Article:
return "Property $name not found.";
    }
}

$foo = new Foo();

echo $foo->bar;
// => bar
echo $foo->baz;
// => baz
echo $foo->qux;
// => Property qux not found

I bet you can understand what just happened. __get() acts as a catch-all for object properties. When we try to access a property that's not defined on an object, its __get() method is magically invoked, receiving the name of the property we tried to call as an argument. Now we can use that in a way to make our computed properties work.

Computed Properties

How are we going to apply this to make our computed properties work? Reusing my fullName example from the beginning, I can implement it in a very simple way :

class Person
{
    public $firstName;
    public $lastName;

    public function __get($name)
    {
        if ($name == 'fullName')
            return $firstName . ' ' . $lastName;
    }
}

$person = new Person();

$person->firstName = 'Marco';
$person->lastName = 'Fiset';

echo $person->fullName;
// => Marco Fiset

Ha! Much better, much better! Now let's say we want to define another computed property, representing the last name, followed by a comma, then the first name. We could call this property reversedFullName. Let's go ahead and modify our __get() method to include the new property:

class Person
{
    // ...

    public function __get($name)
    {
        if ($name == 'fullName')
            return $firstName . ' ' . $lastName;

        if ($name == 'reversedFullName')
            return $lastName . ', ' . $firstName;
    }
}

// ...

echo $person->reversedFullName;
// => Fiset, Marco

And it works! However you can probably see that this will grow out of hand very quickly. We need to have a way to separate all those properties, instead of cluttering the __get() function with every one of them. Here is a better version using dynamic dispatching:

public function __get($name)
{
    if (method_exists($this, $name))
        return $this->$name();
}

private function fullName()
{
    return $firstName . ' ' . $lastName;
}

private function reversedFullName()
{
    return $lastName . ', ' . $firstName;
}

As you might have already guessed, it still works. And it's much cleaner. Now every computed property gets its own method. The __get() function only checks if the current object has defined a method with the same name as the property we tried to access, and if yes, returns the result of that function. Pretty simple, huh?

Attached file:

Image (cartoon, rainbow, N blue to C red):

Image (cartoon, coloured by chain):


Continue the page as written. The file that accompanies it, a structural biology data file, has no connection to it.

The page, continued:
The next step would be to take this __get() function and put it somewhere reusable. We certainly don't want to redefine it in every object where we want to use computed properties.

What about a base class called ComputedProperties that we could derive from?

Well, a base class would work, that's for sure. However, that might not be the best solution. Since PHP does not allow multiple inheritance of classes, our objects could not derive any class other than ComputedProperties. So that's out of question. Fortunately for us, PHP has got another trick up its sleeves.

Traits

Traits have been introduced as part of PHP 5.4. You can more about that feature in the PHP documentation. Here is an exerpt from this page explaining what Traits consist of:

Traits are a mechanism for code reuse in single inheritance languages such as PHP. A Trait is intended to reduce some limitations of single inheritance by enabling a developer to reuse sets of methods freely in several independent classes living in different class hierarchies.

What this means is that traits allow us to import functionnality into a class. In our case, it fits the bill perfectly. We can create a simple trait that will contain our computed property shenanigan:

trait ComputedProperties
{
    public function __get($name)
    {
        if (method_exists($this, $name))
            return $this->$name();
    }
}

Can't really go simpler than that. We can now use the trait in our Person class:

class Person
{
    use ComputedProperties;

    // ...
}

Aaaaannd we're done! What this essentially does is that it includes in our class everything that is contained inside of the trait. You can think of it as copy-pasting the trait's content into our class. The trait has access to everything in the class that imports it, even private methods, and that is the reason why it still works even though our methods are private.

That sums up this tutorial, I hope you had fun and that you learnt something new! I created a PHP Runnable with the full code so you can try it and experiment on your own.